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In The Driller, the snake-like creature that attacks a Chicago highrise in Transformers: Dark of the Moon, Industrial Light + Magic, the lead VFX house on the movie, has created one of the most complex effects it has ever overseen. To do so, ILM’s Scott Farrar, the movie’s VFX supervisor who also led the VFX teams on the earlier Transformers movies, had to overcome a number of challenges. As he explains to The Hollywood Reporter, not only were the movies’ effects ambitious, they also had to be designed for 3D. And then ILM also threw some “secret sauce” into the mix.
1. The Driller consists of 70,051 parts. By contrast, Optimus Prime, the head Autobot, has just 10,108 parts. Due to the complexity of the Driller, and the fact that he lays waste to a skyscraper, only a few artists working with ILM’s most powerful desktop machines were able to load the shots where the machine takes on the building. And they sometimes waited nearly an hour for the files to load.
2. Massive computing power was needed so that the Driller could destroy the skyscraper: Rendering is the process of calculating the information in a CG file for final video output — essentially by turning numbers into images. It took a staggering 288 hours per frame to render the Driller along with the photoreal CG building that includes all those reflections in its glass.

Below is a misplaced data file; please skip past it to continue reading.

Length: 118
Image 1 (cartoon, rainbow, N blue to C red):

3. Stereo 3D added to the complexity. At the time of the live-action shoot, choices were made about the interocular distance, which is the distance between the centers of the lenses of the two cameras. “We take the same information,” Farrar said. “We copy that exactly.” ILM rendered a left eye, then a right eye image. The VFX team viewed the shot in 3D, then refined and repeated as needed.
4. For a last push on the final weekend of work, ILM’s entire render farm was used for Transformers 3. ILM calculates that that added up to more than 200,000 rendering hours per day — or the equivalent of 22.8 years of render time in a 24-hour period.
5. A final injection of “Secret Sauce” was used to improve the theatrical experience. Because some 3D movies look dark or soft when projected, Farrar said, “We did make sure things are as bright as possible; Michael (Bay) called up theater owners to make sure they keep the lamps bright in the theaters.” Plus, he added, “We also added a kind of secret sauce to make everything a little sharper, because we know that through the steps, no matter what, when you get to the final screening things tend to go less sharp.”
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